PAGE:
Review Summary: Some of the most eerily beautiful and dynamically pleasing post-rock you're ever likely to hear.3 of 3 thought this review was well written
World's End Girlfriend are a complete anomaly in the post-rock scene. The creator, Katsuhiko Maeda, lets all the traditional characteristics of the genre dissolve in his music, instead relying on creating his own brand of emotionally charged and electronically varied music define itself. Gone are the classic guitar arpeggio's that have become synonymous with the genre, so too the generic build-up to climax formula that plagues so many releases. There are no vocals, but emotional speaking samples are present in several places, giving the record a haunting and unique atmosphere. Orchestral and classical elements go hand in hand with electronic, and the result is one of extremely paradoxical but genuinely exciting success.
Indeed, this is post-rock like no other.
There are a huge variety of instruments in The Lie Lay Land, from your typical and expected guitars and keyboards to less traditional instruments like trumpets, violins, flutes and other classical instruments. These don't come in separately, instead sharing the stage in a puzzling and impressive way. The Lie Lay Land isn't traditionally beautiful, the melodies are often strange and haunting, and the constant array of different sounds and instruments can be daunting and overwhelming, but it is always breathtakingly pretty and pleasing in a bizarre way. Being pretty doesn't necessarily mean having a 'happy' atmosphere though, as is shown throughout the release where the mood changes to sometimes frightening, other times fearful and tense. It's a wonderfully varied and very pleasing way of keeping the entire album fresh throughout. Certain aspects of the sound can be likened to more traditional bands in the genre, like the opening of the simply enormous 'Scorpius Circus', but it is made so different by the inclusion of different electronic sounds and other instruments that it is barely recognisable to any other band in the genre.
Surrounding the entire record is a haunting ambience that refuses to let go of its grip on the quieter moments. The entirety of 'Song Cemetery' is amazingly simple and subdued, with an ambient backdrop being coupled with slow, rhythmic sounds and beautifully pretty singing from a young and quiet voice. Although remarkably simple and unchallenging, the song is incredibly easy to lose yourself in, and throughout the entirety of its three-and-a-half minute length you are completely sucked in. The song itself is quiet and almost threatens to be scarily distant, but ends up being so involving and atmospheric that it builds up the next song almost unbearably. The following track, 'Give Me Shadow, Put on My Crown' simply builds and builds upon what 'Song Cemetry' had created with more quiet distant singing and more startlingly beautiful ambience – but is coupled by an increasingly tense and explosive aura, which gets exploited with several explosions of sounds and climaxes within its beastly length. When a final climax in the song comes, something that the last fifteen minutes of music had been hinting at, it simply explodes, before the song itself finishes quietly, once again beginning to recreate the atmosphere and ambience.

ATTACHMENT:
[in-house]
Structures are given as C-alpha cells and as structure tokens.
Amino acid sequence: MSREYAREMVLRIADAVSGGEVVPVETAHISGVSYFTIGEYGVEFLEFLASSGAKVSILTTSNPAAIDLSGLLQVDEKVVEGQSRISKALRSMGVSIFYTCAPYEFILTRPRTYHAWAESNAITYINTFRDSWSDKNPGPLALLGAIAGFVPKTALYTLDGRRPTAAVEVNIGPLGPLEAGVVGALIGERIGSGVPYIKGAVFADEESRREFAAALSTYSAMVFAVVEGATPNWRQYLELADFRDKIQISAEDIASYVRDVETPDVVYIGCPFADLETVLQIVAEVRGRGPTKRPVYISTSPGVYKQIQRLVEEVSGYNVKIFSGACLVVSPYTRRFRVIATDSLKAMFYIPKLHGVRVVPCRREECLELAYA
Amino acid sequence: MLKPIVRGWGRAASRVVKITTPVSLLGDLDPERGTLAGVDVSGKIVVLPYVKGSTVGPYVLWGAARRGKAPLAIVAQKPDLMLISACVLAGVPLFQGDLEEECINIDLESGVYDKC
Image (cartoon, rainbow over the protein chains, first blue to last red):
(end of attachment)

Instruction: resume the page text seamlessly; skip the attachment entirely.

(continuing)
Unlike most post-rock, a key strength of The Lie Lay Land is its variety, both instrumentally and dynamically. Whereas the aforementioned 'Song Cemetry'/'Give Me Shadow' combination built itself upon layers and layers of increasingly tense and almost eventually choking ambience, the oddly titled 'We Are The Massacre' is instead uplifting and glorious, with flutes and chimes throughout. Although they sound like polar opposites, it is nonetheless a familiar atmosphere and sound thanks to Katsuhiko Maeda craft and vision. His ability to blend electronics and orchestral themes together in such a way makes the sound instantly recognisable, which coupled with the haunting children's voices and whispers throughout the album make every song a similar but all together completely different journey into a twisted and beautiful place.
At nearly eighty minutes long, The Lie Lay Land is a monumental album. Filled with ambience, narrated throughout by eerily beautiful and somewhat haunting whispers from children, amazingly textured with many layers of paradoxical but stunning sounds, The Lie Lay Land is the realisation of something utterly startling and brilliantly personal. With such a unique sound all that World's End Girlfriend needed was a concept and an execution, The Lie Lay Land is conceptually brilliant and executed to perfection. If you've ever had a intensely long dream that shifts throughout a million different moods and feelings, then you've already come some way to knowing what this might sound like like.